Joey Baron: Just Say Yes
AAJ: That's been fairly typical throughout your career to go back and forth between more mainstream and other [music].
JB: And it's really weird how people make a big deal out of it. But from my perspective, I don't downplay it; I mean I realize that it is extremely different. But from my point of view, I know how to approximate the language that John wants, I understand what he wants, I understand what Jim wants. And I like them as artists and I like them as people. I'm just mentioning those two, but anybody I work for, I hold that attitude. I respect what they do. Otherwise, I wouldn't be here.
AAJ: You've played with both of them for 20-plus years at this point.
JB: Yeah, it's a long-term thing. I really value that more than ever, having long-term relationships with people. Sometimes you go long periods of time and you don't end up working together, then your paths cross again and it's really interesting because people grow and you still have a mutual respect for the language that you use together. I don't know; it's interesting to have time, the passage of time, be a part of the equation when you're working. It adds a depth, I think. For me, the older I get, the more I appreciate that depth.
AAJ: I didn't realize that you were still doing the Killer Joey band. I haven't seen you play with them in New York, but you're still doing it in Europe?
JB: When Tonic closed, that was really our home. We used to play there every week and then later on, not quite as often. We played a week at the Vanguard a while back, it's been several years. Basically, the scene around town is different now. Everything is very hyped, or you're a legend. This band doesn't really fit into that. When you call someone and you ask them, "Are you interested?," and they never get back to you or whatever; at a certain point you're begging and I just don't find that something I really want to do. So I just let it go as where we work, where we can work, and usually that's Europe.
AAJ: Are you still writing for the band?
JB: Basically, I've been playing material that's been written and I add other tunes. I come up with things every once in a while. Recently I've just been interested in adding some standards that I've always wanted to play that I don't get to play with other people. I mean that's part of the strength of that band. When I put it together, I wanted people that could deal with playing chord changes and deal with navigating standard material. So it's real easy to just mention a song, and I'll bring in a sheet on it or something and work up little things on it, or not, and just play it like normal. I like doing that. I like modeling something that's not such a show.
It's not in fashion, like a lot of things I am a part of aren't particularly in fashion. Like the way Abercrombie's group plays, it's not in fashion. It's an aesthetic that I've always aspired to, which is you show up and you play: meaning you listen and respond and react and you give and you take. Funny, that seems to be a kind of a secondary concern these days. People seemed focused on getting their identity and letting everybody know it's them. It's very clever and very technically astonishing, but sometimes the depth is a little funny.
AAJ: I've always found that interesting in some of your quotes in the past: that someone should be able to walk in off of the street and be able to respond to what you're playing, not so hung up on the technique of it.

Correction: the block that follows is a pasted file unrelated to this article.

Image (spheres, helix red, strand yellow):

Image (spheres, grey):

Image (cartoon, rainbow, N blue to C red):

JB: For meI don't say that everybody should run their thing like thatbut for me that's important. That's kind of where I came from and that's what attracted me to music. And it made me feel something, and it made me feel inspired to learn how to do that and how to generate that for other people. That's been one of my main motivations for playing music since I started. It's very important for me to model that in any situation I'm in, to some degree. I'm not that interested in having everybody know that it's me. If I'm doing what I set out to do, they'll inquire, or they'll ask. But the main thing is that the listener can get something generated from the music that can possibly change something or make them think something. Hopefully something positive. Or question, they can question something. [It's] not just entertainment.
I made a decision a long time agoeven though I'm a performer and when you play music you are performing, and I'm very comfortable doing that behind the drum setbut I'm not, I don't relate to show business, that aesthetic in music. It's not very interesting to me, it's more shallow. I mean, it has its place and its function in society. But to me, to get people to listen and pay attention and hopefully to get them to feel something from music and from your commitment to playing it, or writing it, or making itthat's the whole point to making it. It's a serious thing and it's not something that's fixed. I don't think it can be fixed to happen the same way every night. Even if you play the same songs every night, different things happen.
In all genres of music, when that happens, it's the artists who go with whatever is going on, not trying to push it in a box. Yeah, I think that aesthetic... when I look around, I don't see it. When I was coming up, I was listening to Abercrombie, [pianist] Keith Jarrett, and the Miles Davis band. It just seemed like that was the aesthetic: that's what you did when you were really committed. It's funny, today everything is marketed. If you don't have that machine behind you, forget it. That's part of what's really happening today.